Hosta Leaf Nematodes
Foliar nematodes (Aphelenchoides fragariae) are microscopic roundworms (0.5-1.0 mm long), which mostly live, feed and reproduce inside the tender tissue of hosta leaves. They cannot be seen by the naked eye.
Nematodes are pathogens (disease-causing) much like fungi or bacteria.
Symptoms and Diagnosis
Typical symptoms begin as yellow discoloration in late June, indicating that the nematodes were feeding.
Later the affected areas develop into chocolate brown streaks, islands or wedges bordered by veins.
Foliar nematodes spread by contact between plants in the presence of water. They can enter either through leaf pores or stomates or by puncturing the leaf surface with their stylet, a needle like organ used for piercing and feeding.
Integrated Pest Management Strategies
1. Sanitation. Inspect new plants for symptoms, and do not buy plants with questionable necrotic tissue. Discard any contaminated stock. Cut and burn the infected leaf. Do not compost the leaves as the nematodes may live in the compost. Perform a complete clean-out in the fall, removing all dried leaves and stems.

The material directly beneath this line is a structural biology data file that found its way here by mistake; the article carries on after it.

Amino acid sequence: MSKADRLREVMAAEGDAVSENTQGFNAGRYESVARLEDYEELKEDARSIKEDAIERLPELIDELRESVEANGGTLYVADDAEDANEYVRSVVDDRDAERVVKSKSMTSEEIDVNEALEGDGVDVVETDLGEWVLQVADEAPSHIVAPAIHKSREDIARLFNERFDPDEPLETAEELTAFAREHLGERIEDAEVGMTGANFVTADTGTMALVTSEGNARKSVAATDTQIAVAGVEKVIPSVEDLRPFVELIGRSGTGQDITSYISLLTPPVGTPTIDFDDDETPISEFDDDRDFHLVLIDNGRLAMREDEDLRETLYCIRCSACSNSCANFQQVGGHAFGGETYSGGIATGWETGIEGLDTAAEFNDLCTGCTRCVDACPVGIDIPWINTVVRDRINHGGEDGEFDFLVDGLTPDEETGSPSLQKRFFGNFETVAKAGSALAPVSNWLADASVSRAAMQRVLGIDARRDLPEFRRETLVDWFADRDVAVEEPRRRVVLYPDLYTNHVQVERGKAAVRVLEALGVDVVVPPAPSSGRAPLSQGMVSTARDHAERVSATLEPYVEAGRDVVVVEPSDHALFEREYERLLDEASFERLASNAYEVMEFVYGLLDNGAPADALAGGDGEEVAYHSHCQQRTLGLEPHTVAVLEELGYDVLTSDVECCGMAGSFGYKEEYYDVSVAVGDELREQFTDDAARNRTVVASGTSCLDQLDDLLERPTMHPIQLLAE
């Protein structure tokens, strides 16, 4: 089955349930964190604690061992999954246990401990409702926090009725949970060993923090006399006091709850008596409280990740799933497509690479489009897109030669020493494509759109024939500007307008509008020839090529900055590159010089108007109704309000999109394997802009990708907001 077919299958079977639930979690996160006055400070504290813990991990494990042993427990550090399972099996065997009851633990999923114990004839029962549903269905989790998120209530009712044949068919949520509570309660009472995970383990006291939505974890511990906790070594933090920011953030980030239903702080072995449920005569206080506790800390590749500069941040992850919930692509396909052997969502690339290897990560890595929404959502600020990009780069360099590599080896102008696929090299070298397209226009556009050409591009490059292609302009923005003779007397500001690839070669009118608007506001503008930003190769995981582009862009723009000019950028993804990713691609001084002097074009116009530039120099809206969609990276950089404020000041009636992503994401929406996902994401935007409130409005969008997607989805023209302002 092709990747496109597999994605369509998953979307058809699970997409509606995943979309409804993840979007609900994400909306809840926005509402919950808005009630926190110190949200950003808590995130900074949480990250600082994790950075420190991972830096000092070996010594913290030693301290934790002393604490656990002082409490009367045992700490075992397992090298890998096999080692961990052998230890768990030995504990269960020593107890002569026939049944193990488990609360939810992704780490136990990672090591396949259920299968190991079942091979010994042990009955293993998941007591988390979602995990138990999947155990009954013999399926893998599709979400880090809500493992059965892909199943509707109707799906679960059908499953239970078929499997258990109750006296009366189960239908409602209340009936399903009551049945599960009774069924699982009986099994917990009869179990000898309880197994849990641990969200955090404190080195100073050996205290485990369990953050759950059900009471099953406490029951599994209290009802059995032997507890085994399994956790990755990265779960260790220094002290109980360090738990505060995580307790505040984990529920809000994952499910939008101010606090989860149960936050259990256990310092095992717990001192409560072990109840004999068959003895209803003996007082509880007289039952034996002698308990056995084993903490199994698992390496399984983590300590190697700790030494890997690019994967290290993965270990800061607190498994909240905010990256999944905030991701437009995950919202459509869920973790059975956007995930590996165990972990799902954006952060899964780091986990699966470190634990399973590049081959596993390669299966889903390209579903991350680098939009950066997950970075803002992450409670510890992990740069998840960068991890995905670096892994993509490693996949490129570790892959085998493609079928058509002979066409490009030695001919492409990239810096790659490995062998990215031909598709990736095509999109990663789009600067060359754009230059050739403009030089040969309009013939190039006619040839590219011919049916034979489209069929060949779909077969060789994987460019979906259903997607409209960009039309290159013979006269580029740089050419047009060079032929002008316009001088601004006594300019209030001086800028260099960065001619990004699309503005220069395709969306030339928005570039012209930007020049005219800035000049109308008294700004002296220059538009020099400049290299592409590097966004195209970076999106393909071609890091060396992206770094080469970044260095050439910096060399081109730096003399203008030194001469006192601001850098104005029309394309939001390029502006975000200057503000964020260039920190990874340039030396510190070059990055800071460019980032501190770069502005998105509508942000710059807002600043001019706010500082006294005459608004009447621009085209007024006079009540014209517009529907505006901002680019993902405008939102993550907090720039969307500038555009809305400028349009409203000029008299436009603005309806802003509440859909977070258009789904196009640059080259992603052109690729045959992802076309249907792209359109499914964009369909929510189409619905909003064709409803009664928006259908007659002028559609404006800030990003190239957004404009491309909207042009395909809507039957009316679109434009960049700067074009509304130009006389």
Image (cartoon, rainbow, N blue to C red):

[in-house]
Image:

2. Check the companion plants like ferns for the tell-tale brown markings.
3. Use good hygiene in the garden. Clean all tools using 10% bleach solution before moving to the next plant.
4. Choose an irrigation system that is a drip-line rather than over-head sprinklers.
5. Few chemical controls. There are nematicides labeled for nursery use, these products are EXTREMELY toxic, especially to fish and wildlife, and are not available to the homeowner.
Missouri Botanical Gardens